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Dealing With Unwanted Facial Hair

unwanted facial hair

Of all the things that PCOS has caused in my body, I think I have cried the most over the unwanted facial hair. I’m pretty sure that nothing makes me feel ugly and unfeminine as quickly as spotting those prickly dark hairs on my jawline.

And, unfortunately, the easiest “fixes” for unwanted facial hair are the most temporary.

I’ve tried most everything through the years… waxes, creams, electrology, tweezers, tiny razors, herbs, and the most recent, a concoction of honey and lemon juice.

I actually picked up the recipe for the honey mask from a group of friends who write an adorable fashion/beauty blog called Adornabelle. As far as I know, I am the only person on the writing team who has been diagnosed with PCOS, yet, I was amazed to find out that almost every single one of these women had to deal with unwanted facial hair.  It made me feel so much better to know that even if this issue is more pronounced in women who have PCOS, it is not an “unfeminine” problem but rather one that the majority of us have to deal with. 

Waxing:

One of the most efficient (albeit, slightly painful) ways to remove unwanted facial hair is with a wax kit. It removes hair from the root, which slows regrowth, and leaves your skin smooth afterward. There are many options available and dozens of all-natural waxes that do not contain chemicals. The easiest is a simple sugar wax that actually contains no wax at all!

Creams:

There are dozens of cream hair removers on the market. The downside to creams is obvious: chemicals on your skin. As a major organ, applying chemical substances to your skin will allow toxins into your blood stream. On top of that, they don’t work very well. {yes, I’ve tried them. I’ve been that desperate before!} Despite the grand promises of cream removers, many straggly hairs are left behind and if your skin is at all sensitive you can experience burns and irritation. Not fun.

Honey and Lemon Mask:

You can make a hair-lightening mask with 1 tablespoon honey and 1/4 teaspoon lemon juice. Mix and apply thickly. Let the mask set for 10-15 minutes then rinse with warm water.

Unfortunately this concoction does not work the best for dark bristly hairs. I have used it for a month now and am pleased with the general state of my skin (honey is a wonderful all natural face wash) but have not seen a huge difference in the stubborn dark hairs. I would, however, suggest this method to those who are just beginning to notice unwanted hair growth. I believe the continued use of honey and lemon will keep the hairs soft and light.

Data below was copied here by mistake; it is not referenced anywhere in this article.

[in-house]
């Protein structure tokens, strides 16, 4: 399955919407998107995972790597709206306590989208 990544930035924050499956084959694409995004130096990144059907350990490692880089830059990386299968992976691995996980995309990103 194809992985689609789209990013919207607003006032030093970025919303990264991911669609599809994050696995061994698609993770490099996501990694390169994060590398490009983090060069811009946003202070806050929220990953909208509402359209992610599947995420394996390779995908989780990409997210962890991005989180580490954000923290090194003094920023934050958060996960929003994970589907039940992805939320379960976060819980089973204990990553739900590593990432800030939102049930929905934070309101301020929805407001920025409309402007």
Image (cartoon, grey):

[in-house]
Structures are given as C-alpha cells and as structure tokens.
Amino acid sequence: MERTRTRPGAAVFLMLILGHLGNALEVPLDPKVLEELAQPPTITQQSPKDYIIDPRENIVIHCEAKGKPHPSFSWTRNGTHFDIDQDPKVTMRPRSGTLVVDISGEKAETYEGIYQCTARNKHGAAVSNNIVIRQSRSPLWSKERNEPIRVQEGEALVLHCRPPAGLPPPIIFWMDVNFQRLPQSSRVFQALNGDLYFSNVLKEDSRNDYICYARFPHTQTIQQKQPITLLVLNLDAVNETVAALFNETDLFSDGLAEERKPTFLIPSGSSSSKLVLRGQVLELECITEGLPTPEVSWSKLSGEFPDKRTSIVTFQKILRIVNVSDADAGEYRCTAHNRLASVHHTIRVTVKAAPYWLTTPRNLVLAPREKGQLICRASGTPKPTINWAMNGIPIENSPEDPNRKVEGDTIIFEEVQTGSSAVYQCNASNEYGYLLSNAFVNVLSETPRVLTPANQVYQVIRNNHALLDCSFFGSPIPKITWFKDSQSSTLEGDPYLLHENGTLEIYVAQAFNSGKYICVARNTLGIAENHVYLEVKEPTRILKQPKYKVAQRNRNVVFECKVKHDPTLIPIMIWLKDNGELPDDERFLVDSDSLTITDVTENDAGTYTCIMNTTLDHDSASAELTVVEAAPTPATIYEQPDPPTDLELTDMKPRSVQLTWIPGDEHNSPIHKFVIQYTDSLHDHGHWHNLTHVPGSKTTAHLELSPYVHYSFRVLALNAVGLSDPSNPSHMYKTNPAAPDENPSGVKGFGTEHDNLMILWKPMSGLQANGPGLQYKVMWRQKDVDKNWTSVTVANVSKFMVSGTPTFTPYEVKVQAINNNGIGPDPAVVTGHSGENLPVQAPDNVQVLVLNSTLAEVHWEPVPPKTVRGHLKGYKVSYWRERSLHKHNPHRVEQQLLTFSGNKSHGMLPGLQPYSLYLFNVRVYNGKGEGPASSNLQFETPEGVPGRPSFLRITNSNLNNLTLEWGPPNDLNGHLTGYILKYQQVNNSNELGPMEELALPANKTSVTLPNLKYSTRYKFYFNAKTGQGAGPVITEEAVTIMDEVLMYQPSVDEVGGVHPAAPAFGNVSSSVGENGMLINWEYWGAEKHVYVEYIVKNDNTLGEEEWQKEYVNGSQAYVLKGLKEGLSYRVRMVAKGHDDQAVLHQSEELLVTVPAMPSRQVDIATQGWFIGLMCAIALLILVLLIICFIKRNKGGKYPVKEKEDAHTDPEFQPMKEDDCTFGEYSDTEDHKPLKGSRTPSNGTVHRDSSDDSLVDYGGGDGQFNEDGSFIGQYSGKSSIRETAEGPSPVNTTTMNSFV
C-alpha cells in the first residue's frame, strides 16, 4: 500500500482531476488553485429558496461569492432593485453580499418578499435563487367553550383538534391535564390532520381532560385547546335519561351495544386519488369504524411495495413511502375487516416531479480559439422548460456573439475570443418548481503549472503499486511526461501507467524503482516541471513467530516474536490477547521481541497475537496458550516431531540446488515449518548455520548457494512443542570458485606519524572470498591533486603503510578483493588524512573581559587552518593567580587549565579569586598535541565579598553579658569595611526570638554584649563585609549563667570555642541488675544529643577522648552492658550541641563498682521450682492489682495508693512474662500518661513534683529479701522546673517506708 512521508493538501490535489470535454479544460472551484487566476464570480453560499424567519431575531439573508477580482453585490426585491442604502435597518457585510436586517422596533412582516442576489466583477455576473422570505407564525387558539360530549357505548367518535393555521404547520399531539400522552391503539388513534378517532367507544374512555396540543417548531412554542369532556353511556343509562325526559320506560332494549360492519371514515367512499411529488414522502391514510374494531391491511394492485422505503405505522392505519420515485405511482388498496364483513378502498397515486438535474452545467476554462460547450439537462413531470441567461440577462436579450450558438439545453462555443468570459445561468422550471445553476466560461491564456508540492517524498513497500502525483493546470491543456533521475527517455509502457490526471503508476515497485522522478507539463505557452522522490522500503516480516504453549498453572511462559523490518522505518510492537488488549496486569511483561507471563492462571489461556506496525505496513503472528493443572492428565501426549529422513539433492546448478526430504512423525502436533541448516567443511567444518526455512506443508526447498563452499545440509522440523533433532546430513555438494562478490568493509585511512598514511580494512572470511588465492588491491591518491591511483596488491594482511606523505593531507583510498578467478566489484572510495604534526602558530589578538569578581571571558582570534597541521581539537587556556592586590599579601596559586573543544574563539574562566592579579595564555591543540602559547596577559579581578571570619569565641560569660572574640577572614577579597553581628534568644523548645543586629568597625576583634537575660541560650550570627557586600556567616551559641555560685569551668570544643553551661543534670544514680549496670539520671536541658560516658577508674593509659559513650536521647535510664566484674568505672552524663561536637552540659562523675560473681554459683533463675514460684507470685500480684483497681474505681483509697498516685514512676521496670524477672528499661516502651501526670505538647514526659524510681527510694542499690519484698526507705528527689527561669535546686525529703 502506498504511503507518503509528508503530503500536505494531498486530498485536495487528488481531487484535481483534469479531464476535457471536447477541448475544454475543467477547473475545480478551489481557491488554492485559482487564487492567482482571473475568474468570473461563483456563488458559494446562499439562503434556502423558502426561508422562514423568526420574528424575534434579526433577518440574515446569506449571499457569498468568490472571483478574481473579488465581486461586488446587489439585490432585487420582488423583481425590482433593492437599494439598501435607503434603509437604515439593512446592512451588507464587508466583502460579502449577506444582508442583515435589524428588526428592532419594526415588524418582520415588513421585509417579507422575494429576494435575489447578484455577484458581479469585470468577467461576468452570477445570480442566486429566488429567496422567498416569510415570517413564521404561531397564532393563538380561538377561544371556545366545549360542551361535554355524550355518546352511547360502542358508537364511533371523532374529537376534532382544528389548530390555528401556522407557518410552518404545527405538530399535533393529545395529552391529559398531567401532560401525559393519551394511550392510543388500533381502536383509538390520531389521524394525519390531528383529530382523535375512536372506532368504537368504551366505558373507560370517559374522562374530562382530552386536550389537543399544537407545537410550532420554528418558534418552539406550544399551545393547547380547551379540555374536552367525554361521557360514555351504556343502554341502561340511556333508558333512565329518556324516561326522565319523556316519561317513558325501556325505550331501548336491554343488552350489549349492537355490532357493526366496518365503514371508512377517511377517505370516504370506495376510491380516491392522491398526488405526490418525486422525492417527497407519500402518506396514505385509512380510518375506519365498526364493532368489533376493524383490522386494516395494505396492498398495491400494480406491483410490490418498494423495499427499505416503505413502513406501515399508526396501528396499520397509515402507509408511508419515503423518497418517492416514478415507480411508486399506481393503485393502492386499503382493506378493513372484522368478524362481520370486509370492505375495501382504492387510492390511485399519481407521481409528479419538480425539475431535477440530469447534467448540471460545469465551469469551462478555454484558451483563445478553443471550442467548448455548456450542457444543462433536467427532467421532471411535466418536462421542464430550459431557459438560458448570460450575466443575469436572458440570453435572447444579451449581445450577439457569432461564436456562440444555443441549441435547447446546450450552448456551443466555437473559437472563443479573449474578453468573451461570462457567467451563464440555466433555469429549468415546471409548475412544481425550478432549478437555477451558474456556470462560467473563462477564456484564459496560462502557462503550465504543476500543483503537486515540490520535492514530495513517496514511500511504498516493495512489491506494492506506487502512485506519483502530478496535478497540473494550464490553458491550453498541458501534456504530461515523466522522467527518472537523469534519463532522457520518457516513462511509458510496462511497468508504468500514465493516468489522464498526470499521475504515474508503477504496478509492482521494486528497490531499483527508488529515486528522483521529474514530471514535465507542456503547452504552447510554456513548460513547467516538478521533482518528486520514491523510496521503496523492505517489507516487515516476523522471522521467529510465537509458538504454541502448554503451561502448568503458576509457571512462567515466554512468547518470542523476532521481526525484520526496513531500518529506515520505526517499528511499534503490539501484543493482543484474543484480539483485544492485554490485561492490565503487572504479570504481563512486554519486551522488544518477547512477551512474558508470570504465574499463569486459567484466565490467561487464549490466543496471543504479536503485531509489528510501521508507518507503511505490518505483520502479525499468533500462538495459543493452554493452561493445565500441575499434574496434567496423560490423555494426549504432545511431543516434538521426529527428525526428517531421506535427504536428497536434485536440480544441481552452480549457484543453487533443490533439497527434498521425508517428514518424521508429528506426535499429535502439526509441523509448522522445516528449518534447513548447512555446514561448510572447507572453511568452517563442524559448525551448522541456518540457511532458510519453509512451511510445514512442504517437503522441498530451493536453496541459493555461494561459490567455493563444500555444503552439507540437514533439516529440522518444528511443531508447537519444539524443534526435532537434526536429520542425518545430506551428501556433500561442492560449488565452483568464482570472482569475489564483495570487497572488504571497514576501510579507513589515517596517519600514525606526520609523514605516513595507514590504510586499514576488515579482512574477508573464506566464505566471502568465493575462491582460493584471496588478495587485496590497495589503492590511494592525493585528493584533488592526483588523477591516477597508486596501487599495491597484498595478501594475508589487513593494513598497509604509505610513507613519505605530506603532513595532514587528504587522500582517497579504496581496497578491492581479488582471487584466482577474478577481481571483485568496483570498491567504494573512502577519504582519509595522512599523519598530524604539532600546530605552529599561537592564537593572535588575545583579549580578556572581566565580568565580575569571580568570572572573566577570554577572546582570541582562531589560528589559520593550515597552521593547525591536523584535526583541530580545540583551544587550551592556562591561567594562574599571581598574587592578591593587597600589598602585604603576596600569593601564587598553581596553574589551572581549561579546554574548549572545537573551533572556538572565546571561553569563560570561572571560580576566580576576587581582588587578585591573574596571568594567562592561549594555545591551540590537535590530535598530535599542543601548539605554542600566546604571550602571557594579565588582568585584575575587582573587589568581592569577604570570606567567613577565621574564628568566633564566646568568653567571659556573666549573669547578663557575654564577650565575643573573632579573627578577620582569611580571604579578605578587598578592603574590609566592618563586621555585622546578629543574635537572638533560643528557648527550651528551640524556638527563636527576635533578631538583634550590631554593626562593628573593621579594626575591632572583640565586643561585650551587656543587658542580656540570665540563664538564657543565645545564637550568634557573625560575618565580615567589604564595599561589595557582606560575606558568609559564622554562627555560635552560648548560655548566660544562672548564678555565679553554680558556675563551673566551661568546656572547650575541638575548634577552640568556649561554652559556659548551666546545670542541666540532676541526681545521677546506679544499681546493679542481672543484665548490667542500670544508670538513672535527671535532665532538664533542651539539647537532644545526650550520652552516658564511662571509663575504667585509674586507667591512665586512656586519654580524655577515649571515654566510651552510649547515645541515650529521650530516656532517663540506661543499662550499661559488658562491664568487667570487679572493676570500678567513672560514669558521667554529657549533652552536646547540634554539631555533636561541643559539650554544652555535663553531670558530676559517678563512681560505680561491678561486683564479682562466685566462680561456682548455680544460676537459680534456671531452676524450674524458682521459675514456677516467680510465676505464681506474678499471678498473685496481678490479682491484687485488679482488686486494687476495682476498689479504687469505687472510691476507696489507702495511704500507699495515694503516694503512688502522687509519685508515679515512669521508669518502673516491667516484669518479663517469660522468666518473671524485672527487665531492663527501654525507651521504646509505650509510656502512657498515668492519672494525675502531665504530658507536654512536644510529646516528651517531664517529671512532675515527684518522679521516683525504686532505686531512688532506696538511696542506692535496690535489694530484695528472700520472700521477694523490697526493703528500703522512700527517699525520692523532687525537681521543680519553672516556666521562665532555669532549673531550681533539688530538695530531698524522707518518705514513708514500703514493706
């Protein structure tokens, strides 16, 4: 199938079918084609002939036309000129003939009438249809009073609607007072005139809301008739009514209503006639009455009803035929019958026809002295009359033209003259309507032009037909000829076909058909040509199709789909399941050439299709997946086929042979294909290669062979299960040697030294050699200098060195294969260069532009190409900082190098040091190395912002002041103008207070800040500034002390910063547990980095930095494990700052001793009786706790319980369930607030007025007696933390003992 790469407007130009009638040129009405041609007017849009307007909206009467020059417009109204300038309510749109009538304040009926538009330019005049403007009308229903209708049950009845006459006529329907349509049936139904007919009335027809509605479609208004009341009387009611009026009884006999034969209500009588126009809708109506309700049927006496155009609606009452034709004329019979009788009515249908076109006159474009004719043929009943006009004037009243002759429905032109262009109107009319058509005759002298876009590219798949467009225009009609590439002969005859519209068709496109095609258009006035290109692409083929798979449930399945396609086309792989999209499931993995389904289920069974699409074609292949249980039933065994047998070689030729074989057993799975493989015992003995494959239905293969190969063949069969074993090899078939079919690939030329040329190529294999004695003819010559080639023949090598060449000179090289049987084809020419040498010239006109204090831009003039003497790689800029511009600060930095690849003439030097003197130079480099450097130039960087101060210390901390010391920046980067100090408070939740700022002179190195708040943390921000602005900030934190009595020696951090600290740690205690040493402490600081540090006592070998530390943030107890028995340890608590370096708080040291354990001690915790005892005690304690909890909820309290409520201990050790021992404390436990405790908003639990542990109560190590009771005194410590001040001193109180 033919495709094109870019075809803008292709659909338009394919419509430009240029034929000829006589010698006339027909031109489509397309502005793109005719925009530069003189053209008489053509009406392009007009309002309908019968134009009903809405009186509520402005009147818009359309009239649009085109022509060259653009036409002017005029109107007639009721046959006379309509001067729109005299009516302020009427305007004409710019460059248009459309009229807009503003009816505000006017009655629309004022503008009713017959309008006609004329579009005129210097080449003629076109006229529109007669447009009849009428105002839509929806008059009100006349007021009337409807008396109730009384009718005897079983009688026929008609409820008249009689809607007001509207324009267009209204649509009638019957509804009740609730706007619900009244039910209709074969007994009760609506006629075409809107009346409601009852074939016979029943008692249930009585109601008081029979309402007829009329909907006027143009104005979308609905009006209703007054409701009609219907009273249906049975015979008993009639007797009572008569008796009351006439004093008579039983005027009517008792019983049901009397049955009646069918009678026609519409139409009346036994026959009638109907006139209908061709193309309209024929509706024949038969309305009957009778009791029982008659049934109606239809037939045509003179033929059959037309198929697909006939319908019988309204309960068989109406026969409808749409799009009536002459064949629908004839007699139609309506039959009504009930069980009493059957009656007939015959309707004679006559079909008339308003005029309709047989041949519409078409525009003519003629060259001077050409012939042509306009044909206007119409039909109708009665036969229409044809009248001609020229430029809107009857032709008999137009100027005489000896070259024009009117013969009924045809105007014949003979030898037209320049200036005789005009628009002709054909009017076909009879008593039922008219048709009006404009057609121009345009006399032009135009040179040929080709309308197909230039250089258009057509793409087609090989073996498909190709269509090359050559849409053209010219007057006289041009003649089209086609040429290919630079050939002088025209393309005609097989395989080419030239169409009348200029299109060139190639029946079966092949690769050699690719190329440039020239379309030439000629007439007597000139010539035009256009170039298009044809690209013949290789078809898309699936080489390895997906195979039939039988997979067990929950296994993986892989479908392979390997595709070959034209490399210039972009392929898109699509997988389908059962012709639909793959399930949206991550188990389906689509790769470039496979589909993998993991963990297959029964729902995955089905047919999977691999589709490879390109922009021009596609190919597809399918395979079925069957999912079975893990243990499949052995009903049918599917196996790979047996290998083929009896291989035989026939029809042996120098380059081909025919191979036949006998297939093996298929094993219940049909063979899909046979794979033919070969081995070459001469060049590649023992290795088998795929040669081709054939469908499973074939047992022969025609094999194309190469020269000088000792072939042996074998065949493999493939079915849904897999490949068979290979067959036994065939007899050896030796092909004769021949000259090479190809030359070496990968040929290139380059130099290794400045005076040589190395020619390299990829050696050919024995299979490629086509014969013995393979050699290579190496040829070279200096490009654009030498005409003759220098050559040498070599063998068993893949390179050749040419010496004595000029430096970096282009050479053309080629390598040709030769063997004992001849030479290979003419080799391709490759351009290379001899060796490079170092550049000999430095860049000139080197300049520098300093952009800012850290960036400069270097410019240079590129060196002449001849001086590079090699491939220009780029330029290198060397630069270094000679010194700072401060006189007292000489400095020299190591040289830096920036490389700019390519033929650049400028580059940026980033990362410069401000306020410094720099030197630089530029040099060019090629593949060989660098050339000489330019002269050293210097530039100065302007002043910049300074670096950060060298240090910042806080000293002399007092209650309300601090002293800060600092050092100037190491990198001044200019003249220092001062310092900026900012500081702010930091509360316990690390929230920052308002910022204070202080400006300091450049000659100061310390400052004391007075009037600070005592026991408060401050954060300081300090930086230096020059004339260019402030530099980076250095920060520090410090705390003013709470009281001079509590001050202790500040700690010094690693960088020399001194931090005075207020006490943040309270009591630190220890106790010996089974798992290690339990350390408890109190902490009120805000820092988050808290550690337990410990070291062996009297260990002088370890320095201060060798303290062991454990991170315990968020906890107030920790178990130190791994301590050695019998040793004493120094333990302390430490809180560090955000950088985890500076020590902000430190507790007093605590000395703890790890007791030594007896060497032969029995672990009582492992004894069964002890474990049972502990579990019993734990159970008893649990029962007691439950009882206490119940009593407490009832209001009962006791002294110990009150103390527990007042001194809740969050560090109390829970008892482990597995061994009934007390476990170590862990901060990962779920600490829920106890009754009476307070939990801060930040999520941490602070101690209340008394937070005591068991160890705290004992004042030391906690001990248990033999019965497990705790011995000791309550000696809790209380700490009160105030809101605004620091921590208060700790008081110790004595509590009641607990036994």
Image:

Electrology:

Electrology is another form of hair removal often touted as “permanent”. The basic idea is that the electrologist will use a minuscule needle to slide in beside each individual hair and zap the follicle with a charge of electricity. This will kill the current hair and after extended use may kill the follicle complete, removing the chance of re-growth.  {laser hair removal is similar, but I do not have any personal experience with it}

The pros to electrology:

  •         It lasts for 3-6 weeks
  •         There are no stragglers // all the dark hairs are removed
  •         There is a chance that it may eventually be permanent

The cons :

  •          It may be difficult to find a good electrologist

Since this is a relatively new procedure, there aren’t as many regulations and it’s up to you to establish that your electrologist is safe. The main things to watch for are:   1) they use a new needle for every session 2) they wear gloves 3) the work environment is clean and tidy.

  •        It can be painful.

I have heard stories of some who don’t feel a thing. I, on the other hand, referred to my appointments as “torture sessions” if that tells you anything. It all depends on how many nerve endings you have on your face and where the hairs are located. I have a very sensitive nerve that runs along my jaw line which caused me the most pain.

  •        You are choosing to electrocute yourself, which may raise slight doubts to your mental state.

{Okay, that one was just a joke. We don’t know, however, if there are any side effects to this procedure. I did not observe any in myself but some say that it is not good for you.}

Shaving:

Shaving with a small razor is another way of dealing with excess facial hair. The nice part is that it is quick and painless. The down side is that using this method over an extended period will cause the hairs to toughen and thicken and your face will always feel slightly rough.